When you fly, don’t make yourself a severe air turbulence victim!

Severe air turbulence occurs during air travel. It has severely injured passengers. Prevent it by wearing your seatbelt. 

Westjet Encore Dehavilland DHC-8-400 by Mackenzie ColeLast month, a WestJet Encore de Havilland Dash 8–400 was descending toward landing in Calgary on a flight from Seattle, Washington when it hit unexpected severe air turbulence. What is significantly disquieting about the incident is that both pilots rocketed up from the turbulence and hit the flight deck ceiling despite wearing their shoulder harnesses and lap belts. While the first officer apparently was unharmed, according to the AVHerald, the captain was injured, as was a flight attendant who struck the forward passenger door. She had her seat belt on and was seated.

Serious injury on the WestJet flight was chiefly prevented because passengers and crew wore their seatbelts.

The injuries to the flight crew weren’t serious because they were strapped in their seatbelts. Since the plane was landing, all passengers were strapped in, preventing them from becoming injured.

It needs to be clearly understood that the sole reason that no passengers or flight crew were seriously injured in this air turbulence incident is that everyone was wearing their seat belt.

Pilots avoid air turbulence when possible, but sometimes it can’t be predicted or detected in advance.

Turbulence is a serious and challenging issue for pilots, flight crew, and passengers despite advances in severe air turbulence detection and prediction. While pilots do their best to avoid known turbulence and weather that can give rise to it, some turbulence continues to go undetected until an aircraft encounters it.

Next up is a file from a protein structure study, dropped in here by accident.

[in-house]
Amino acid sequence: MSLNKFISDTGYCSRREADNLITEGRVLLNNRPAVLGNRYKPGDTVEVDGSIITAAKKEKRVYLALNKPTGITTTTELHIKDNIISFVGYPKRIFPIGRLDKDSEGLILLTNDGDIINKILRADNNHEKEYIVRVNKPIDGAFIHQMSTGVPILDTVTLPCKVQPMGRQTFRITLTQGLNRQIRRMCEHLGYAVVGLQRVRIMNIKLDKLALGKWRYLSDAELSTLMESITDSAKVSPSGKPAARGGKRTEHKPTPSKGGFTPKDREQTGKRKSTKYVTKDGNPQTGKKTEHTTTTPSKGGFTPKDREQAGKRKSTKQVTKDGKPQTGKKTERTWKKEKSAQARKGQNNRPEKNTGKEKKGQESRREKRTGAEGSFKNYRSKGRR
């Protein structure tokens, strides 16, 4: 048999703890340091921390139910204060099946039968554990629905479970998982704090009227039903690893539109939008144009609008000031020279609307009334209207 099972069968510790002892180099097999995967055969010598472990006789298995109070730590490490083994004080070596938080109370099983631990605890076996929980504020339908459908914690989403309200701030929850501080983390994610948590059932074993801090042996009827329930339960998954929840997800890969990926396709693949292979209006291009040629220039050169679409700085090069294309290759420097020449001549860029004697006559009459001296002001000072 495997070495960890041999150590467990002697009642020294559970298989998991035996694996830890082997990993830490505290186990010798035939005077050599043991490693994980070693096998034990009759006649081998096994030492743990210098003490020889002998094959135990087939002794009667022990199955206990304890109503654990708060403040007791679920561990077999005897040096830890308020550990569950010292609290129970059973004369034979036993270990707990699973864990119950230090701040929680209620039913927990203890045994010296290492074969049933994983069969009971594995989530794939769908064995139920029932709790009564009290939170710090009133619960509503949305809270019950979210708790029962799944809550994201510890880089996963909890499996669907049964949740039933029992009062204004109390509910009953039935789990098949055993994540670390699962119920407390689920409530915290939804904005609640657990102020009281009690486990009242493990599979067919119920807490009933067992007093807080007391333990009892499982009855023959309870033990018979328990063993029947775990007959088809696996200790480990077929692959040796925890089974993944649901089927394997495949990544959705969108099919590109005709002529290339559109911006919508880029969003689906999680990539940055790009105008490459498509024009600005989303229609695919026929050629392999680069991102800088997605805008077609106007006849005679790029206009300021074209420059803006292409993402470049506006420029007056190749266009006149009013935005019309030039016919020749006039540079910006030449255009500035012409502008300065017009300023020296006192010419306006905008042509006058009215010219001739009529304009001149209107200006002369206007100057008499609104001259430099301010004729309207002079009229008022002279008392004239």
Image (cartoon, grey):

In their August, 2021 Safety Research Report, “Preventing Turbulence-Related Injuries in Air Carrier Operations…,” the NTSB (National Transportation Safety Board) explains that from 2009 through 2018, turbulence-related accidents accounted for more than a third of all regularly scheduled air carrier accidents, with most of them resulting in one or more serious injuries. The injuries occurred even though the incidents didn’t result in aircraft damage.

To combat severe air turbulence accidents and injuries, the NTSB issued safety recommendations for “improving weather forecasting, dissemination of weather reports, and air traffic management practices.” The NTSB also issued recommended improvements in the submission and dissemination of pilot weather reports, essential for airlines and pilots’ route planning, for air traffic controllers to keep air traffic flowing safely and for meteorologists to verify and amend aviation weather forecasts and advisories for safe flying.

While incidents of severe air turbulence are relatively rare, considering the number of daily flights, it can severely injure passengers and cause fatalities.

For air travelers, these are critical facts from flights occurring on U.S air carriers from 2009 through 2018:

  • Each year, approximately 58 people in the United States are injured by turbulence while not wearing their seat belts.
  • U.S. air carriers had 197 air turbulence accidents, resulting in 123 serious injuries.
  • Of the 123 serious injuries, 97 involved flight attendants and 26 passengers.
  • More than one third of the air turbulence accidents occurred at or above 25,000 feet while the aircraft were cruising.
  • Almost 60 percent of all air turbulence accidents occurred during the descent phase of flights.

I was on a flight during which severe air turbulence severely injured several passengers.